What are keloids?

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What are keloids?

Dr Gabriella
Diaz

Sunday, August 02, 2020

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KELOIDS are raised scars that tend to form when the skin is healing after an injury. The scars usually extend beyond the original site of injury.

They commonly appear on the ears after a piercing, from a bump or acne that has been ruptured on the chest, post a tattoo or a cut on the skin. Keloids are most prevalent in African skin types.

In Jamaica, keloids are quite common and can be a cause of distress to the individuals who are afflicted. A common practice used as a home remedy in Jamaica is to tie a piece of string around the keloid. This should be discouraged as it can lead to infection.

Keloids can be unforgiving, in the sense that they do not obey the typical healing process. The skin does not obtain the signal to stop the healing, but continues, resulting in a larger scar beyond the original skin injury. They can burn, and some have an intractable itch that is not easily alleviated with medication.

When one has keloids, they can affect confidence and interactions with other people. Even when the keloid is in a region that is not seen by others, it can still affect the individual in terms of limiting the choice of clothing and, at times, there is still that intractable gnawing itching sensation under the clothes. Keloids are also known to increase in size during pregnancy.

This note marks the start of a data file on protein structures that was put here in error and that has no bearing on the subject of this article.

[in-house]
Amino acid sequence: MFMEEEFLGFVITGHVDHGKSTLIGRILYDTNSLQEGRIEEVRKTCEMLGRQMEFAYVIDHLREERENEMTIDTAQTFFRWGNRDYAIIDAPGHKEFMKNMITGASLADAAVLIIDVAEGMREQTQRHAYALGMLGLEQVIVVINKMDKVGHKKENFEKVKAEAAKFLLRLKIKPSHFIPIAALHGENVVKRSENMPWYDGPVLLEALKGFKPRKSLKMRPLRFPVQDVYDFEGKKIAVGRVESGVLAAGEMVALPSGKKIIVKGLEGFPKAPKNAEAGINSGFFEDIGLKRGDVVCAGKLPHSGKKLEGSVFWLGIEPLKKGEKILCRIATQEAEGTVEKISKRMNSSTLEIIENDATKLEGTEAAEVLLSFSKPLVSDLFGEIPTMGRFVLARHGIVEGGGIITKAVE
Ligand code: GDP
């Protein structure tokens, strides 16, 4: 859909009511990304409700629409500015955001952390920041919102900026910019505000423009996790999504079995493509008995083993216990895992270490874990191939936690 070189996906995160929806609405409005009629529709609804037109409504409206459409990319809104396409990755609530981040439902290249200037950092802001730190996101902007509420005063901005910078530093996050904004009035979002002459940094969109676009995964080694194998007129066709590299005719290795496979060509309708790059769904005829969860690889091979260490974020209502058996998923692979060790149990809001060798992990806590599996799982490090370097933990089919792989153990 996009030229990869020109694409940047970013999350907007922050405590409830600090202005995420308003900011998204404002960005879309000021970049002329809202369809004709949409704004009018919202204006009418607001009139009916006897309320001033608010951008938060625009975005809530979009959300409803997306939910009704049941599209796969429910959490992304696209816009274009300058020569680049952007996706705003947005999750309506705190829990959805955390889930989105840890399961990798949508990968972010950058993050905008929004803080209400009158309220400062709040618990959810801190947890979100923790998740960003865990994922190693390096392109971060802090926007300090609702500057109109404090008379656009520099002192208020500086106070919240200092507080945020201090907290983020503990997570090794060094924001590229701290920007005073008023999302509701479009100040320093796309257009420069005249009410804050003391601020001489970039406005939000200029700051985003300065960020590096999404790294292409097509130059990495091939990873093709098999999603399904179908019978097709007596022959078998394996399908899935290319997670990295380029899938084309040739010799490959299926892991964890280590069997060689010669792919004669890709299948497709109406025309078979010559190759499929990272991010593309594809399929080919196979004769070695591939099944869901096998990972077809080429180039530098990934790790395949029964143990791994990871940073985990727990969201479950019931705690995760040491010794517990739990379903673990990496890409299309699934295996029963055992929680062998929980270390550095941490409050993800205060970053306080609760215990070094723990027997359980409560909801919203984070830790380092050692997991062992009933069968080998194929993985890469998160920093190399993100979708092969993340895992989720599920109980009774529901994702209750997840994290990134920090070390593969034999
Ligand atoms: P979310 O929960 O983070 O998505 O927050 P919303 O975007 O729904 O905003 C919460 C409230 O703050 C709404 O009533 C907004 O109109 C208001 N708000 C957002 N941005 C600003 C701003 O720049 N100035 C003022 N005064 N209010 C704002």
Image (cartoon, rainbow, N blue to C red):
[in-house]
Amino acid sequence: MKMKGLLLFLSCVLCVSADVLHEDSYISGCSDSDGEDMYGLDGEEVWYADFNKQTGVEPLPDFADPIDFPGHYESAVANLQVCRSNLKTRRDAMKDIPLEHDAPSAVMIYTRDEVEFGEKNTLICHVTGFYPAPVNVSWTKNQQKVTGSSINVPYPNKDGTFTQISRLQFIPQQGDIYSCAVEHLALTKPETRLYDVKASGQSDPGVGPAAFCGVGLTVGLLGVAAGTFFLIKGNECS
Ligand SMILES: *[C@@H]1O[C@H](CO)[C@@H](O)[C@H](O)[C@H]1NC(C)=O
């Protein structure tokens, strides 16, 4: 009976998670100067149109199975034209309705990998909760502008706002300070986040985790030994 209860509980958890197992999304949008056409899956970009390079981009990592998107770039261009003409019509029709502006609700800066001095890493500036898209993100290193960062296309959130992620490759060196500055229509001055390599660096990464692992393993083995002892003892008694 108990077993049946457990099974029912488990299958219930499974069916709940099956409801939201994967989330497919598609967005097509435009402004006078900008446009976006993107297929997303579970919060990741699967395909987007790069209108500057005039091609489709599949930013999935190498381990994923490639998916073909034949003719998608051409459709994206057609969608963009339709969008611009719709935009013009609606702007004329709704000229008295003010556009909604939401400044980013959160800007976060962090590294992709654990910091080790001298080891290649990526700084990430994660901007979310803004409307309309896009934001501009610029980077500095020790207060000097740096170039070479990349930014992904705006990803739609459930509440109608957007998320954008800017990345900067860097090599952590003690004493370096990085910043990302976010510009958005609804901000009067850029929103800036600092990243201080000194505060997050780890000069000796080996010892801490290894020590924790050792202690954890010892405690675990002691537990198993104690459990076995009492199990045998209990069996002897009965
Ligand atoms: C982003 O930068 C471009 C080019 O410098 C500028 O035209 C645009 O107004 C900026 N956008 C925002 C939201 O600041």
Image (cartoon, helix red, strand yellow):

There is no known cure for keloids, however, they can be managed using various techniques. Every time a keloid is removed, there is a possibility that it can return bigger and spread further than it previously did. It may be a common misconception that when a keloid is surgically removed, it has been treated. Excision only helps with the debulking to enable treatment.

Some of the treatment modalities post debulking are:

• Steroids — topically or intralesionally;

• Silicone strips;

• Pressure (mainly used for earlobe keloids, using earrings); and

• Radiation therapy.

As previously mentioned, keloids are known to increase in size during pregnancy. The woman in the photographs first presented during the final trimester of her pregnancy. She complained of a dramatic increase in the size of the keloids.

Post-pregnancy, the keloids were excised with surgery. The sutures were removed and when the skin was healed, she opted for compression earrings.

The usual recommendation for wearing the compression earrings is six months.

Two years post the surgical excision and treatment, she is still pleased, with no return of her additional “pregnancy bumps”.

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Dr Gabriella Diaz is a medical aesthetics doctor and registered dietitian who is the director at Finesse Nutrition and Esthetics (FINE) at 129 Pro, 129 Old Hope Road, Kingston 6. She can be contacted via e-mail at info.fineja@gmail.com and 876-522-8297.


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